Music

Where We’ll Never Grow Old

Little White Church In the Valley

I grew up singing the old song Where We’ll Never Grow Old in church. It always touched my heart. As I looked at the elders sprinkled around the congregation I would often think-a place where no one grows feeble with age would indeed be a wonderful place.

James Cleveland Moore wrote and composed the song. He was born in 1888 in Paulding County GA and lived until 1962. The website Hymn Studies had this to say about Moore’s song:

In 1914, while a 26-year old seminary student at Mercer, Moore visited to preach in his home church at Draketown, where his aging father had led the singing for years. The elder Moore’s voice failed him and the son said that he knew he would not be hearing his father sing much longer. Back in school at Macon, James produced the hymn with the incident still fresh in his mind, and wrote, “Dedicated to My Father and Mother.”

Paul and Pap did an outstanding job on the song during our concert at the folk school-even though Paul forgot the words to one of the verses. (

 

When Chatter and Chitter were little they’d sing along with whatever song was being sung-whether they knew it or not. They were about 5 or 6 when I noticed they weren’t singing the right words to the song. One day I asked them what they thought the words to the song were-they both agreed it said ‘where we’ll never grow cold’. Of course I thought the girls singing ‘where we’ll never grow cold’ was the cutest thing ever.

Pap wasn’t feeling the best when we had our concert. Hearing him tell the audience of his hope for a better place where his aches and pains would be no more made our performance of Where We’ll Never Grow Old very bittersweet for me.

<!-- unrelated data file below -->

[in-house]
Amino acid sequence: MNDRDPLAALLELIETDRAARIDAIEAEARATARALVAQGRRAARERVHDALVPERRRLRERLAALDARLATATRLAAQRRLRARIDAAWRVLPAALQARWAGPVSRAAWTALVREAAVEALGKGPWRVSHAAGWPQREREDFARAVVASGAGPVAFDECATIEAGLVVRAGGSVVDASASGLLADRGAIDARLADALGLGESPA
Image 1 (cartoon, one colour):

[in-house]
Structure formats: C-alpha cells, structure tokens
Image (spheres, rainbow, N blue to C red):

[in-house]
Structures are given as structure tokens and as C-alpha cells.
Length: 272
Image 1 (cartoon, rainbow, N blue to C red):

Tipper

 

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29 Comments

  • Reply
    Sue Crane
    October 1, 2017 at 9:30 pm

    Loved it at the first post and still love it now – though this time I shed a few tears for those who have joined those in The Land Where I’ll Never Grow Old. God Bless and a special prayer for Granny

  • Reply
    Becky
    October 28, 2012 at 5:35 pm

    I can definitely see how that would be bittersweet for you. ***sniff***

  • Reply
    peggy
    October 18, 2012 at 8:04 am

    This is one of my favorite songs. Even though I spent a huge portion of my childhood in Magoffin the first time I heard this song was on the Tuscarora Indian reservation in Niagara county. The singer was a Cree indian from Canada.

  • Reply
    Charlotte
    October 15, 2012 at 9:44 pm

    Such wonderful words, Tipper. I have a spot in my heart for older people; maybe because I’m “almost” one.

  • Reply
    Carol Isler
    October 14, 2012 at 11:48 pm

    Papa sang that to us grandchildren as we drove up the winding staircase from Greenville to Flat Rock to visit his people. In that old pick up truck with no seatbelts, seems like we slid from side to side in time to the music.

  • Reply
    janet pressley
    October 14, 2012 at 6:02 pm